"At that time, I fired at him. I’m gonna call it approximately three shots very quickly. I kind of paused there, for just a split second, because I lost sight of him. But what I saw was him rolling over this way. So, what I thought he was doing was ducking underneath the dashboard to be able to shoot through the windshield right at me. So, I continued firing and fired several more shots. He stopped moving altogether and I stopped shooting."
The document confirms that all seven shots fired by Motz penetrated the Charger's windshield. Three bullets and four fragments were recovered from the car's interior, while three more bullets were recovered during Damon's autopsy. One of them passed through the left side of his forehead and entered his brain, while a second hit him in the chest, and the third went through his left forearm. The report notes that his blood tested positive for heroin.
What wasn't found was a gun — because Damon didn't have one.
However, a cell phone with blood on it was found inside the car, in the space between the driver-seat cushion and the center console — a location that implies it may have been in Damon's hand when the bullets struck him, "although this is not known conclusively," the letter concedes.
As for the question of whether Damon was raising his hands to threaten Motz or give himself up, the document points to "punctuate abrasions noted by the pathologist on the backs of both of Damon's thumbs and forefingers," as seen in this photo:
These wounds appear to have been caused by shattered windshield glass — and the letter argues that they are evidence that his hands were above the dashboard when he was hit, as Motz said.
Also deemed significant is "the path of the bullet through Damon’s left forearm."
Why? The letter maintains that "the location of the entrance wound shows that the outside of Damon’s forearm was facing Motz when it was struck. In other words, Damon’s palms were not facing Motz when he was shot," as they would be, presumably, if he was raising his hands in the traditional surrender motion. As such, "it is exactly the wound path one would expect if Damon was shot in the forearm while making the gesture with his hands that Motz described. This evidence strongly supports Motz’s credibility and the accuracy of his description of Damon’s gesture."
Here's a photo of the bullet wounds in Damon's arm.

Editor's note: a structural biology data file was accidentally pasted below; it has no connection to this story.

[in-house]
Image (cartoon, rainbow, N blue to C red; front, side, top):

In Morrissey's opinion, it was reasonable for Motz to think Damon might be arming himself, since he was wanted for a violent bank robbery and didn't comply with orders to show his hands.
As such, the letter maintains, "Damon was the cause of the lethal outcome because he made the sudden threatening gesture pretending to point a gun at Motz. Why he did this cannot be known. But considering the tense circumstances facing Motz, it is clearly understandable and reasonable that he believed Damon was making a move to shoot him and was armed with a gun."
The letter adds that "it makes no difference legally that Damon was not holding a gun. An officer is not required by law to wait to be fired upon before firing in self-defense. Colorado law recognizes that self-defense applies in situations where the need for self-defense is apparent, even though later it is learned that the danger perceived was not actual. So long as it reasonably appears that the threat to the officer’s life is real, the officer may lawfully act in self-defense if he reasonably believes it is necessary."
Hence, Morrissey states, Motz's actions were legally justified — a decision that's being ripped by Occupy Denver. The group's Facebook post about Damon declares that "Morrissey refuses to do his job...AGAIN!" A subsequent reply adds, "How about JUST ONCE, DA Morrissey, you let a f*cking jury decide?!!!"
At this point, there's been no announcement by members of Damon's family about possible legal action — but given the lawsuits in the cases of Ronquillo and Valverde, such a development would hardly qualify as surprising. Here's the decision letter.
Keep Westword Free... Since we started Westword, it has been defined as the free, independent voice of Denver, and we would like to keep it that way. Offering our readers free access to incisive coverage of local news, food and culture. Producing stories on everything from political scandals to the hottest new bands, with gutsy reporting, stylish writing, and staffers who've won everything from the Society of Professional Journalists' Sigma Delta Chi feature-writing award to the Casey Medal for Meritorious Journalism. But with local journalism's existence under siege and advertising revenue setbacks having a larger impact, it is important now more than ever for us to rally support behind funding our local journalism. You can help by participating in our "I Support" membership program, allowing us to keep covering Denver with no paywalls.